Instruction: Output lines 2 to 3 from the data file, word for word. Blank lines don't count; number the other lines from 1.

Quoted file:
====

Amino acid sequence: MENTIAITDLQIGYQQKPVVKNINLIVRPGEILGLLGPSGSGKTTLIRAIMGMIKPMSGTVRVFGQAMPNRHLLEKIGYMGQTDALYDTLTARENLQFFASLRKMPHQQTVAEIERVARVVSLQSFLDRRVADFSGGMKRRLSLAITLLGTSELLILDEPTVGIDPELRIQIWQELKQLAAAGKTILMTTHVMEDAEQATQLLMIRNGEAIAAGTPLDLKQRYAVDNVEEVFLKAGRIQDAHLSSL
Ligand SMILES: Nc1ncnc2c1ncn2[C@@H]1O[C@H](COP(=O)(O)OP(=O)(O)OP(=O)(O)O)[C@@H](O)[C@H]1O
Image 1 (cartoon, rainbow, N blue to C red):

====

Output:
Ligand SMILES: Nc1ncnc2c1ncn2[C@@H]1O[C@H](COP(=O)(O)OP(=O)(O)OP(=O)(O)O)[C@@H](O)[C@H]1O
Image 1 (cartoon, rainbow, N blue to C red):